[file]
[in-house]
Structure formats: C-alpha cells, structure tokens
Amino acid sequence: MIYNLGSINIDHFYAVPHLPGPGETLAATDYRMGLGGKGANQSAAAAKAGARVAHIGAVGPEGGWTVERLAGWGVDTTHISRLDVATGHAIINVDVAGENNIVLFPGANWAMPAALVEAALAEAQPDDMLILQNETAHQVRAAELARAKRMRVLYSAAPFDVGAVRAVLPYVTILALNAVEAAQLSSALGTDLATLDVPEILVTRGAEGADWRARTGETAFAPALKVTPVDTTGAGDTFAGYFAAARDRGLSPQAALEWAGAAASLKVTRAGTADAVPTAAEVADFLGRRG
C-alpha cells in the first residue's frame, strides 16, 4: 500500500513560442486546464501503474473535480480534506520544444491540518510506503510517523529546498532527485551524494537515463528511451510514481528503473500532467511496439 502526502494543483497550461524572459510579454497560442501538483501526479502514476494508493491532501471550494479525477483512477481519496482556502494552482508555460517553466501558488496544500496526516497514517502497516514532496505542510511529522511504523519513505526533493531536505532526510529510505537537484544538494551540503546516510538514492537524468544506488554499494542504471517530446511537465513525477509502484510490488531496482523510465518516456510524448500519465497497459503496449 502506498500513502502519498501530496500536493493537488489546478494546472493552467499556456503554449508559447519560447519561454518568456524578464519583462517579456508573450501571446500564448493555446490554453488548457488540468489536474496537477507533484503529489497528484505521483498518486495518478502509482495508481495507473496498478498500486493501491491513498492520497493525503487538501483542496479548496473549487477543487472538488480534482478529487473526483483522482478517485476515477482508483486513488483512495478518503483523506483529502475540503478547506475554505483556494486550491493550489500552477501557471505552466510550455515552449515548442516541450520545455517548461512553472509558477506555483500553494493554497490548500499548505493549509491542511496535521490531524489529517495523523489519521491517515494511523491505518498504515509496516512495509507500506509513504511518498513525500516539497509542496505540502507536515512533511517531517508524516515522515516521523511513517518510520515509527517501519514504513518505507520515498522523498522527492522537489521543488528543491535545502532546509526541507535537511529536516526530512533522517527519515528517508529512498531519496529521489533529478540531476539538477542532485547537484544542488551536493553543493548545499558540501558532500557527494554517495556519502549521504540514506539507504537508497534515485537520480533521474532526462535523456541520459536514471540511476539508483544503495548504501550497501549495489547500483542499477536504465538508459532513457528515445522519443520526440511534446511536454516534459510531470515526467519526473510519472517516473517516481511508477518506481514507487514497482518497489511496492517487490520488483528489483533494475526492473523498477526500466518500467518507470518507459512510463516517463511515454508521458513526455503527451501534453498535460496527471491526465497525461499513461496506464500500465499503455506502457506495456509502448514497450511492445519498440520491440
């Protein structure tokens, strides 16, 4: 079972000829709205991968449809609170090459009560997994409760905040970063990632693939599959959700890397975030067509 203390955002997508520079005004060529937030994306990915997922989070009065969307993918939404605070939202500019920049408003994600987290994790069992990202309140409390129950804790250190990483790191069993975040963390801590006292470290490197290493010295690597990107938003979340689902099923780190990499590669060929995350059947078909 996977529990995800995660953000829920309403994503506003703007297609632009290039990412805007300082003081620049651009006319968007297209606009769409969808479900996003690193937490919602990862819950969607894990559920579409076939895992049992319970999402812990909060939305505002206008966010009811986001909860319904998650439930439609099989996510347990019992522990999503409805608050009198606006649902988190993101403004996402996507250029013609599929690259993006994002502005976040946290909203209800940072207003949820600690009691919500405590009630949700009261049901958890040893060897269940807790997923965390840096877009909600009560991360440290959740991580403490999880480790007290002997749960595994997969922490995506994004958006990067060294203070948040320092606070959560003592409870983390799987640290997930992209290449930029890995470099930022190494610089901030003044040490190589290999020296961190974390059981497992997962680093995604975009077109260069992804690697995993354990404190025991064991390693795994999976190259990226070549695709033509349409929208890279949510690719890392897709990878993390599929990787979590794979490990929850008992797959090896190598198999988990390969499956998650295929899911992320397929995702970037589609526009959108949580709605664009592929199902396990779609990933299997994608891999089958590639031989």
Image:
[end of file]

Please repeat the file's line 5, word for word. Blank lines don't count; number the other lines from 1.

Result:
């Protein structure tokens, strides 16, 4: 079972000829709205991968449809609170090459009560997994409760905040970063990632693939599959959700890397975030067509 203390955002997508520079005004060529937030994306990915997922989070009065969307993918939404605070939202500019920049408003994600987290994790069992990202309140409390129950804790250190990483790191069993975040963390801590006292470290490197290493010295690597990107938003979340689902099923780190990499590669060929995350059947078909 996977529990995800995660953000829920309403994503506003703007297609632009290039990412805007300082003081620049651009006319968007297209606009769409969808479900996003690193937490919602990862819950969607894990559920579409076939895992049992319970999402812990909060939305505002206008966010009811986001909860319904998650439930439609099989996510347990019992522990999503409805608050009198606006649902988190993101403004996402996507250029013609599929690259993006994002502005976040946290909203209800940072207003949820600690009691919500405590009630949700009261049901958890040893060897269940807790997923965390840096877009909600009560991360440290959740991580403490999880480790007290002997749960595994997969922490995506994004958006990067060294203070948040320092606070959560003592409870983390799987640290997930992209290449930029890995470099930022190494610089901030003044040490190589290999020296961190974390059981497992997962680093995604975009077109260069992804690697995993354990404190025991064991390693795994999976190259990226070549695709033509349409929208890279949510690719890392897709990878993390599929990787979590794979490990929850008992797959090896190598198999988990390969499956998650295929899911992320397929995702970037589609526009959108949580709605664009592929199902396990779609990933299997994608891999089958590639031989």